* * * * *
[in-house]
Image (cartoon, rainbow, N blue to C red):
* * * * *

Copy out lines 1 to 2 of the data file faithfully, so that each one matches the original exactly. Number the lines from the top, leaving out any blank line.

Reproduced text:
[in-house]
Image (cartoon, rainbow, N blue to C red):